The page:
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Detroit Board Set To Vote on Plan 'To Empower' Schools

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The Detroit Board of Education is slated to vote next week on a plan that would give teachers, parents, and students at individual schools substantial control over their educational programs, budgets, and resources--including the right to purchase services from vendors other than the central administration.

Under the proposal, called the Detroit Public Schools Empowerment Plan, "empowered schools'' would receive 92 percent of the district's per-pupil allocation--or about $4,000 per child--for every student they enrolled, plus any additional categorical funding attributable to that student.

Schools would be required to maintain a balanced budget. But they could spend the money as they saw fit and carry over surplus funds from one year to the next. They could also purchase services from private vendors rather than the central or area offices.

'Empowered Buyers'

The proposal would essentially change the central administration from a "sole-source provider of services to a vendor of services competing in the open market,'' according to a copy of the plan.

Schools would change from the "passive receivers of administration support to empowered buyers,'' the plan states.

Although the central administration would retain a permanent role in assessing school outcomes, its role as a service provider would depend on its ability to attract customers.

The concept is based on the increasingly popular notion that government agencies could be made more responsive and efficient by subjecting them to the same market forces and "entrepreneurial spirit'' found in the private sector. (See Education Week, Feb. 19, 1992.)

The document was prepared with the assistance of Anderson Consulting and Larry Wilkerson & Associates.

Negotiating Charters

Individual "charters'' or contracts between empowered schools and the board of education would spell out their exact arrangements with the school district.

Although the details of such charters are still being worked out, a board member, David Olmstead, said they would probably outline the governance arrangements at the school, their expectations of students and parents, and any waivers of the union contract.

Empowered schools would have to abide by existing laws and meet the same outcome standards as other schools in the district. But beyond that, they would essentially be free to set their own direction.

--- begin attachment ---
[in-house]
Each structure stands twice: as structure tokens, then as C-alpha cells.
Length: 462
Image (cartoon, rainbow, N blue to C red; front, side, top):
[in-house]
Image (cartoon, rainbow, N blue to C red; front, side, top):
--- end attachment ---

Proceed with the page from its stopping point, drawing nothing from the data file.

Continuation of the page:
The board would review the charters annually to ensure that schools were meeting acceptable levels of educational improvement and fiscal integrity.

Eventually, board members said, parents and students should be able to choose among such schools.

"Right now our main effort is to get as many schools as possible--including our typical neighborhood schools--empowered,'' said Mr. Olmstead. "Once you give them the empowerment, you are ultimately going to have diversity, and then you'll have to have choice.''

The plan states that empowered schools could choose to expand student selection from the neighborhood to citywide, but it does not require them to do so.

A separate initiative is under way to create schools of choice in the district.

Private Schools

Eventually, the charters could also be used to bring existing private schools into the public-school system.

Since January 1991, the Detroit board has been exploring the use of a legal charter to enable existing private schools to become public and receive public funds. (See Education Week, Feb. 6, 1991.)

Lawrence C. Patrick, a board member, said last week that he hopes to open up the charters to private schools as soon as the details are worked out.

As part of the district's move toward school empowerment, 11 schools have already received the remainder of their budgets for the 1991-92 school year in a lump sum, based on the district's per-pupil allocation.

By next fall, as many as 30 schools are expected to have received "empowerment status'' and to have negotiated charters with the board, Mr. Patrick said.

He added that the plan is based on the belief "that competition will result in market forces driving the quality up in every school.''

In 1988, a slate of four board candidates swept into office based on a promise to bring empowerment, diversity, and choice into the school system.

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